When Self-Care Hurts

I’m a big believer in self-care. Not in its form as an extravagant counter-point to our culture’s fetishization of extreme self-discipline, self-denial, and self-sacrifice, and certainly not in the unhealthy form it takes as a band-aid solution / release valve for the stress and anxiety that results from that same spartan lifestyle. Rather, I believe that self-care is valuable as a form of sub-conscious mediation about what we value. When we spend time with people we love, take time to ourselves, pamper and indulge ourselves, we are reminding ourselves that life can be beautiful. More importantly, we remind ourselves that we are responsible for bringing that beauty into the world, and that we are worthy of that beauty and of the effort necessary to achieve it.

But beauty doesn’t always take the form that we expect. I think of the months that I needed to use a cane when the arthritis in my knee flared up. I was worried about how the cane would affect the public’s perception of me, my employers’ perception of me, and even my perception of myself. I had to decide that I was going to prioritize my health. Sometimes self-care is taking on some debt to go back to school, asking for help to get away from an abusive relationship, telling your doctor about an embarrassing or frightening symptom, and then following through on the challenges that ensue. Self-care doesn’t always feel like a bubble bath. Sometimes it feels like the suffering of preventive surgery, the fear of risking your job to assert your boundaries, the heartbreak of admitting that a relationship just isn’t working, or the upset of going to rehab.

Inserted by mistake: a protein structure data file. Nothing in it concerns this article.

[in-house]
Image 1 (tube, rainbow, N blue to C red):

As always, self-care is a privilege, and giving one’s self permission to reprioritize and reallocate resources – even to an unpleasant enterprise – is premised on having sufficient control over sufficient resources. But it’s important to be cognizant that, to the extent that we have power, our responsibility to ourselves is not limited to a glass [bottle] of wine. We owe ourselves risk, pain, and embarrassment, because we owe ourselves hope, health, and happiness.

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